I put my handkerchief to my eyes and said: “Well, when the shock came, pa was all right, as handsome a man as you would often see. I think there must have been a pile driver on the train that struck him, and changed sides with him, knocking his stomach around on the back side of him, and placing his spinal column around in front of him, where his stomach was, and causing him to lose the sense of speech. Think of a middle-aged man going through life mixed up in that manner, having to sit down on his stomach, and having his backbone staring him in the face. How does he know when he takes food in his mouth that it can corkscrew around under his arm and eventually find his stomach? How a man can be ground and twisted, and mauled, and stamped on by a reckless locomotive with a crazy engineer and a drunken fireman, rolled over by box cars, and walked on by elephants, and still live, is beyond me. As he told me before he lost the power of speech, not to be too hard on the railroad company, though some railroads would be glad to pay him $20,000, and no questions asked, he begged me, as heir to his estate, to let you off for a paltry $10,000.”
Pa made up the darndest face, and groaned. The agent called another agent, and they whispered together, and finally the first one came to me and asked pa’s full name, and then the two of them got out a fountain pen, and they made out a check, and he said: “This is the first case in the history of railroad wrecking that the agent has not had the heart to try to beat the injured party down. This is certainly the most pitiful case that has ever been known, and if your father ever comes to his senses you can tell him he is welcome to the money.”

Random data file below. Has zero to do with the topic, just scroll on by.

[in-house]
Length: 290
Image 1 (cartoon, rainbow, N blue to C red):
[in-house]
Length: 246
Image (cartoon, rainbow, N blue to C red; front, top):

The agents shook hands with pa and I, and went away to their train, and pa winked at me, and a wrecking train came and we got on a special, and got to Pittsburg before breakfast, and pa is going to buy me a dog out of the money.
Gee, but there is all kinds of money in the circus business. Pa is going to wear his pants hind side before until we get out of Pittsburg.
The Bad Boy Causes Trouble
Between the Russian Cossacks and the Jap
Jugglers—A Jap Tight-Rope Walker Jiu-Jitsu’s Pa—The Animals Go on
a Strike—Pa Runs the Menagerie for a Day and Wins Their Gratitude.
I did not mean any harm when I told the Japanese jugglers that they ought to kick against having those Russian cavalrymen in the show, the fellows who ride horses standing up, in the wild-west department, ’cause I had listened to their Russian talk, and it seemed to me they were spies who were looking for a chance to do injury to the “poor little Japs.” I could see that I made the Japs mad the first thing, and then I told them that pa and all the managers of the show felt sorry for the little Japs, ’cause some day the big Russians would ride right over them, and kill them right in the ring. I said that everybody thought the Japs ought to resign from the show, for fear of a clash with the Russians, or else they ought to have some grown persons to act as chaperones.